Cadillac and its parent, General Motors Company, have invested $175 million into the Lansing Grand River assembly plant to produce next-generation Cadillac sedans, and installation of new tooling at the factory has already commenced, according to sources familiar with the matter.
Currently, Lansing Grand River assembles the Cadillac ATS and CTS lines, as well as the Chevrolet Camaro, which rides on the same Alpha platform. With the imminent discontinuation of the Cadillac ATS Sedan, the facility will soon be retooled for their replacements, the first of which is expected to be the Cadillac CT5, while the second model will wear either the CT4 or CT3 name.
The CT5 will indirectly replace the ATS and CTS lines, as it straddles the compact and midsize segments. Meanwhile, the CT3 or CT4 will indirectly replace the ATS while also touching the subcompact space. With the upcoming discontinuation of the XTS (after the 2019 model year), the CT6 will be Cadillac’s largest sedan offering before a true flagship sedan arrives in the in the 2020-2022 calendar year range.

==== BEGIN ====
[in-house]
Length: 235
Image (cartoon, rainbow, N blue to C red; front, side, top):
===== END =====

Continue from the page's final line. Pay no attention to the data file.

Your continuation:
The retooling of the Cadillac Lansing Grand River plant comes just in time for the Cadillac product offensive, which involves launching a new Cadillac vehicle every six months. The effort starts this year with the 2019 XT4 and 2019 CT6 refresh. They are expected to be followed by the aforementioned CT5 sedan, XT6 large crossover, all-new 2020 Escalade, and the previously-referenced CT3 or CT4. Another model could be a coupe and possibly a convertible variant of the CT5, one more crossover either above the XT6 or below the XT4, or another vehicle type entirely.
The strategy was put into place by previous Cadillac president Johan de Nysschen who left the company in April. From what we’ve come to understand, newly-appointed Cadillac chief, Steve Carlisle, will continue with the strategy set out by de Nysschen.